For example, at the present time, a 2 MHZ switching frequency, fs, is currently considered to be aggressive switching regulator design. To use a switching regulator at the location proposed for connection of the linear regulator in accordance with a preferred embodiment of the invention would require a bandwidth, fc, of about 1.1 GHz or, using the 1/6 ratio discussed above, a switching frequency, fs, of about 6,600 MHZ, greater than three thousand times the switching frequency of switching regulators of current aggressive design and which is not reasonably possible in view of the impedance due to ESL and the relationship of ESL and capacitance discussed above.
The key to implementing this principle of operation is to properly design the output impedance of the linear regulator 64 and the switching regulator 60. One suitable technique of analysis and design sufficient to allow practice of the invention by those skilled in the art will be described below in connection with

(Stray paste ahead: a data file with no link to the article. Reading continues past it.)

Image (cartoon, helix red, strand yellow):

To obtain this response from the linear regulator, this time-domain waveform may be placed in the frequency domain by suitable transformation or simulation well-understood in the art as depicted in
where the subscripts LR and SR denote the linear regulator and the switching regulator, respectively, and Rdroop is the droop resistance or the amount the load/microprocessor voltage is required, by the manufacturer, to decrease as the load it represents increases in order to maintain power dissipation and other operational parameters within design limits. Implementation of such a droop is referred to as adaptive voltage positioning (AVP) alluded to above. These impedances of the switching regulator and the linear regulator are graphically depicted as a function of frequency in
The design of the switching regulator with which the hybrid filter of the invention may be employed merely follows conventional practice and the adaptive voltage positioning (AVP) design specified by the chip designer/manufacturer. The linear regulator principally comprises a compensator and a power amplifier. A preferred design for the compensator 130 is illustrated in
Three exemplary preferred designs of the power amplifier circuit 140 are illustrated in